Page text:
Orfalea Foundation Sponsors Screening for 2000 in Santa Barbara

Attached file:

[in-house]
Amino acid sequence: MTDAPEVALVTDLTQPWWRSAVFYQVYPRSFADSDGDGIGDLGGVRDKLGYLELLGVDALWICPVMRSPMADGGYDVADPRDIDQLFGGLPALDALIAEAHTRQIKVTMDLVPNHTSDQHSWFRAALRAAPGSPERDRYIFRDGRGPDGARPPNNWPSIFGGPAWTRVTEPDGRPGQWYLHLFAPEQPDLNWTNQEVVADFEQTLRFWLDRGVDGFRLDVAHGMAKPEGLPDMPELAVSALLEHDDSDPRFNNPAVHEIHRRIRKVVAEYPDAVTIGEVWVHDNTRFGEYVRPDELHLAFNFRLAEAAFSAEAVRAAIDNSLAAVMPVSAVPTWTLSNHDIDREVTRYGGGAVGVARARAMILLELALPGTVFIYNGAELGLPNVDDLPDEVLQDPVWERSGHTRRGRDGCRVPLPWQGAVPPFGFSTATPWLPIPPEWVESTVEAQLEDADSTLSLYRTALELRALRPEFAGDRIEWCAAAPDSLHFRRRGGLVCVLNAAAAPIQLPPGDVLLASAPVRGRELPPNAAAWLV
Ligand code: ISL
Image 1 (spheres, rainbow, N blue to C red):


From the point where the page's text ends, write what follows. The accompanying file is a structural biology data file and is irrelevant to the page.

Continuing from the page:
Business leader author and visionary philanthropist Paul Orfalea introduced Race to Nowhere to an audience of 2000 in Santa Barbara last week. The founder of Kinko’s, who has lectured and written extensively on the subject of learning differences, criticized the current practice of having kids develop the skills necessary for passing standardized achievement tests rather than investing in more comprehensive, innovative methods of education. “Today we are teaching kids to rely on memorizing facts,” he said, “as if we are going to out-memorize the Chinese, the Indians and Indonesians—that’s not going to happen.” One of the country’s best known entrepreneurs, Mr. Orfalea underscored his faith in America and his hope for us finding the right way to educate kids. “We out-think everybody; we have the most imaginative and innovative society in the world,” he said. He also mentioned his appreciation of how Race to Nowhere points to the problem of sleep deprivation among today’s over-scheduled students, emphasizing the importance of sleep for children’s development and the learning process. “What you learn in the day is imprinted at night; depriving children of sleep is depriving them of the ability to process and retain and use knowledge.” Paul Orfalea is known for his well-crafted phrases, such as “the art of life is to rediscover who you are evey day.” Preparing to raise the curtain on the evening’s screening of Race to Nowhere, he quoted his favorite line from the film: “we could be the first generation that could be sued by our children for robbing them of their childhood.” There was a panel discussion following the film moderated by Natalie Orfalea. Panelists included UCSB Direcotr of Admissions, Christine Van Gieson, Director, Vicki Abeles, Dr. Madeline Levine and a local mother and daughter.